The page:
Dear Day Cares and Schools,
It’s back-to-school season, and many kids who have been home all summer and ready to head back to the classroom. This is leaving many parents, like me, a bit apprehensive about certain things…but today, I want to talk about food.
Our society doesn’t care about healthy eating. Oh, we say we do…and politicians try to “reform” what kids are being fed every few years. But really, we don’t care. This means that kids are offered straight-up junk and highly processed foods in schools and day cares everywhere, every day. Frozen pizza, boxed mac’n’cheese, cans of soup or pasta… It’s pretty much the norm.
Plus, many schools like to reward kids with sugary treats, or do “special activities” that involve even more sugar. Some have done “cooking” classes that involve mixing up cakes from a box, or learning about the layers on the earth by sliding a straw through a cupcake.
It’s time for this to stop.
Right now, our children are not healthy. Childhood obesity and type II diabetes are growing at an alarming rate. Kids struggle to focus in the classroom, and they deal with outbursts and behavior problems. All of these issues — and more — are directly related to what they’re eating!
Food dyes have been linked to behavior problems in children. (source) Excess sugar consumption is related to risk of diabetes, heart disease, obesity, low-nutrient diet, and picky eating. (source, source) Kids actually had poorer mental health over their entire lives if they had poor diets in childhood! (source)
One study shows that children who attended day care were more likely to prefer junk foods — because that’s what they were offered! (source) We have a great responsibility here.
And I know. “Relax, it’s just once, let them be kids.” But no. This is happening constantly. They’re fed junk for breakfast and lunch at school daily. (Have you read the ingredients, especially sugar content, in breakfast cereals lately?!) They’re getting some type of “treat” at least weekly in classrooms for good behavior or some other reason.
After school and on the weekends, they’re participating in sports, dance classes, scouting, and religious groups, and guess what — they’re getting “treats” there, too.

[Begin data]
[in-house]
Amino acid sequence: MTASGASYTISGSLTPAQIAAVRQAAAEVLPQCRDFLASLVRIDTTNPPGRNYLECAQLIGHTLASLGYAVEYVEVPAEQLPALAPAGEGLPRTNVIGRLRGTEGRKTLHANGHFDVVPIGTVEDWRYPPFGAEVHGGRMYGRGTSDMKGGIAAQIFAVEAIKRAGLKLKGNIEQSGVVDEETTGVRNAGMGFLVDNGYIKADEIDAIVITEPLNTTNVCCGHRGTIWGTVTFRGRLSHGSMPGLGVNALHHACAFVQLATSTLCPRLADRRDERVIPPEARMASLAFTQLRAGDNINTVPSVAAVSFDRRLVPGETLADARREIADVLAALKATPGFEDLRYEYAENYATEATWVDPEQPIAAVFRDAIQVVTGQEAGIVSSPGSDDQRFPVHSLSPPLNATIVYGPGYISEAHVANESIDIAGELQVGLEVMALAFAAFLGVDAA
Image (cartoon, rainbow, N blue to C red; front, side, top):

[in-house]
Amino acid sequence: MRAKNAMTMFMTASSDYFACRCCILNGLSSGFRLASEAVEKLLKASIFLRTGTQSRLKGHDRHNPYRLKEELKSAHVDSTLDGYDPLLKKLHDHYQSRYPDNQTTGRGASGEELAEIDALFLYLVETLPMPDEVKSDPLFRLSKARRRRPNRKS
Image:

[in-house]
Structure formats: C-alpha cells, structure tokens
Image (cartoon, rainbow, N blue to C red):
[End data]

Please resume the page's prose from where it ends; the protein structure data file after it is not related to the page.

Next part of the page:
These kids are going to grow up to think that eating junk food is the norm, and not even know what real food is — much less how to prepare it. We should all care about this! We all want children to be healthy, yet when we have the opportunity to teach kids about healthy food or unhealthy food, we vehemently defend feeding them unhealthy food on a regular basis!
It’s time for a change.
This year, instead of doing junk food-based special activities and rewards, consider skipping food all together (food allergies are on the rise anyway, so a lot of kids can’t participate), or offering healthy treats instead.
For example, reward kids in a classroom with:
- Small toys
- Certificate of recognition
- Paper crown
- Special song
Kids don’t need sugar to feel like their efforts have been noticed and appreciated! They just need to hear from the adults they trust that they have done a good job.
When it comes to special events, parties, or food-related classes, try offering real food! Parties can have fruit and veggie trays, and offer fruit juice instead of brightly-colored fake “punch” or soda.
Cooking classes can teach:
- Fruit salad (fresh, not canned)
- Vegetable salad
- Vinaigrette dressing
- Ants on a log (use sun butter for allergic kids)
- How to make a sourdough starter and bake bread
- Sorbet (real fruit, no added sugar)
- Whole wheat or GF crackers
- Frozen banana “ice cream” (freeze bananas, blend with a little milk)
There are lots of simple cooking projects that even toddlers can do (with adult assistance!) that involve real food.
It is our job, as adults, to model healthy eating habits and to encourage children to consume a healthy diet. If that’s what they know…that’s what they’ll eat.
This isn’t about making “bad foods” seem enticing or forbidden, either. If the message becomes “You have to eat this healthy food, that other food is so tasty but so naughty and I won’t give it to you,” then kids will rebel.
But a simple, honest preference for healthy foods will set kids up for a life time of healthy eating. This will lower their risk of obesity, diabetes, depression, anxiety, heart disease, cancer, and more! Who wouldn’t want to do that?
This year, make passing on healthy eating habits to children a priority. Say no to junk foods in the classrooms.